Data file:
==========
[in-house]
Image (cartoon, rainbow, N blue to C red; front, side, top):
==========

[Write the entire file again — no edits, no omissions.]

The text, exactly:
[in-house]
Image (cartoon, rainbow, N blue to C red; front, side, top):